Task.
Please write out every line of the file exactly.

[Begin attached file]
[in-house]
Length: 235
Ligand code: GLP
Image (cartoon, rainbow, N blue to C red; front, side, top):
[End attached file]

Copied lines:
[in-house]
Length: 235
Ligand code: GLP
Image (cartoon, rainbow, N blue to C red; front, side, top):